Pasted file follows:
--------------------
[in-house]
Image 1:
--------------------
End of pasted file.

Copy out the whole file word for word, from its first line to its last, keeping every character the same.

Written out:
[in-house]
Image 1: